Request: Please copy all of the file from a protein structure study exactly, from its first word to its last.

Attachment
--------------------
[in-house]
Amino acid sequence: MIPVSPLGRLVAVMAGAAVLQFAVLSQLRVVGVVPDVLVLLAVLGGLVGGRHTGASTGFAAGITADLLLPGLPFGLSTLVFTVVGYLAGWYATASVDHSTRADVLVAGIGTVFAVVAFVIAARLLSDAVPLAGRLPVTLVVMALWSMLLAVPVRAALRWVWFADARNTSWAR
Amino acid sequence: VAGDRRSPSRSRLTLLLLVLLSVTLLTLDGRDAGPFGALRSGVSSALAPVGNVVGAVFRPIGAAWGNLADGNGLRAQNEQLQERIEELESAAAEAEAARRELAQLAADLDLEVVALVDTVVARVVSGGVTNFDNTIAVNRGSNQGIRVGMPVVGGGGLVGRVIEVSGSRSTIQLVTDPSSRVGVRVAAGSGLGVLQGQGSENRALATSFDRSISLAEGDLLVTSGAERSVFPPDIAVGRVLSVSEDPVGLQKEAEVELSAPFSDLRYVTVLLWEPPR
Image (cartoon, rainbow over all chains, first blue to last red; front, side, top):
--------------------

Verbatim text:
[in-house]
Amino acid sequence: MIPVSPLGRLVAVMAGAAVLQFAVLSQLRVVGVVPDVLVLLAVLGGLVGGRHTGASTGFAAGITADLLLPGLPFGLSTLVFTVVGYLAGWYATASVDHSTRADVLVAGIGTVFAVVAFVIAARLLSDAVPLAGRLPVTLVVMALWSMLLAVPVRAALRWVWFADARNTSWAR
Amino acid sequence: VAGDRRSPSRSRLTLLLLVLLSVTLLTLDGRDAGPFGALRSGVSSALAPVGNVVGAVFRPIGAAWGNLADGNGLRAQNEQLQERIEELESAAAEAEAARRELAQLAADLDLEVVALVDTVVARVVSGGVTNFDNTIAVNRGSNQGIRVGMPVVGGGGLVGRVIEVSGSRSTIQLVTDPSSRVGVRVAAGSGLGVLQGQGSENRALATSFDRSISLAEGDLLVTSGAERSVFPPDIAVGRVLSVSEDPVGLQKEAEVELSAPFSDLRYVTVLLWEPPR
Image (cartoon, rainbow over all chains, first blue to last red; front, side, top):